Too much Ganga perhaps? But nonetheless a striking name and with the shop’s black painted exterior and symbols stars and moons etc on the black paint in gold and silver paint, it all looks a little like a wikka type meeting house. Another song I heard, a folk song, was a dreadful brooding dirge like melody and accompaniment and a woman singing lyrics about ‘Let no man steal your thyme’. An obvious and scary punning line; not so much for the meaning assumed but for the imagination going on within oneself about what might be happening in the singer’s head, and what was she up to in her life?
Another time, still on the theme of scary music, I was at The Museum of London and in the section about Victorian Life in London. A recording of an old barrel organ was playing as if the recording was on a wax cylinder. Lots of crackles and very tinny sounding voices. A bass voice man was singing to the barrel organ’s tune a tavern song in a slum area in lowlife London of the time. If you think Oliver Reed is scary in Oliver! as Bill Sykes, this would have had you heading for the exit. I remember saying to my companion it sounded ‘diabolic’ as if it were ‘the Devil’s music’.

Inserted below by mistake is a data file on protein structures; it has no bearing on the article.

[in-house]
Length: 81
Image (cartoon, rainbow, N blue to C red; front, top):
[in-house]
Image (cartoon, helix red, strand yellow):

There’s an old British saying that ‘the devil has all the best tunes’ but this one he was happy to keep as far as I was concerned. This saying about the devil having the best tunes came about because of the early church in Britain having an attitude to folksong and non-sacred music in general, as it was enjoyed by peasants and labourers and their families.